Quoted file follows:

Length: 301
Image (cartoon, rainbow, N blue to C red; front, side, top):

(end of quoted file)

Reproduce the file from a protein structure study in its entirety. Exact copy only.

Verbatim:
Length: 301
Image (cartoon, rainbow, N blue to C red; front, side, top):